Re: marine snails-destructive? Hi again Guys, My question has to do with snails that have appeared in my saltwater reef tank. I do have mature Turbo snails to help with cleaning my 65 gallon tank but within the last three weeks these others have appeared and are growing. Their shell comes to a point in the center but they also have gray and white vertical stripes. Would these be immature Turbo snails? Someone told me that they may be a destructive type of snail  spawned from the live rock in the tank. Please help. Thank you, Tim <Hi Tim, Not to worry, there are quite a few varieties of marine snail and most of them are quite harmless. If you are worried about these guys, try checking out marine snails on WetWebMedia.com (type snail into the Google search).  There are photos on the web of the snails you are concerned with.  Most are beneficial algae/detritus eaters.  Craig>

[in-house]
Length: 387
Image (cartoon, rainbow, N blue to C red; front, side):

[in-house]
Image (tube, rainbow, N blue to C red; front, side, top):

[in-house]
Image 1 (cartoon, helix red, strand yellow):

Heliacus Box snail eating invertebrates Hi Gentlemen: <none were available... I'll answer instead> I have been reading your site for months now.  It is a font of helpful information.  Thank all of you for your time and energy in helping to keep these beautiful creatures alive and happy. <thank you kindly> Generally, I find the answers to my questions or concerns among the FAQs and articles, but...We have a 21-gallon tank with about 30 #s of live rock that we are slowly working on as a mini reef.  The only animals in there now are a true Perc, a few margarita and Nassarius snails, and a nice rock with some Parazoanthus gracilis and two species of what I believe are Protopalythoa spp.  Yesterday, I found a snail that appears to be eating (?) the polyps.   <very common. You have a Heliacus sp Box snail.  I could not find a picture of one on WWM (will post one of ours shortly). I did a search on Google at large and found a many site hits ("search Heliacus picture" for image sites.) Here's the first one I followed with an image (please not the color is variable): http://reef.esmartweb.com/polyps.htm> He was attached to one of the yellow polyps and I had to pull him loose.  I searched your site and others, but have not found any identification for him.  The snail is perhaps 1/2 inch in diameter and is disk shaped (i.e., very flat).  He is somewhat variegated in brown and white markings and has a notable spiral to his shell.  (Sorry, I tried to take a photo but my camera is not up to the small scale of the creature!)  I removed him to the sump of my larger aquarium, but now wonder if he might reproduce and become a menace later.  Any help would be appreciated.  Thanks again for all the hours that you guys give to all of us!!!! Greg Fickling Washington, DC <pull the bugger out soon... reproduction is possible. Spot check months after wards... little reason for concern though. And I noticed you are in DC... how about a road trip in May to NY when Bob speaks to Brooklyn or me at the Atlantis Aquarium (20,000 gallon reef tank!)? Rock on my brother. Anthony>